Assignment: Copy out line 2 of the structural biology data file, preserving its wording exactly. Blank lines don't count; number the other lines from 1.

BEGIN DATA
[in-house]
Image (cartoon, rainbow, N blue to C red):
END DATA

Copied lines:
Image (cartoon, rainbow, N blue to C red):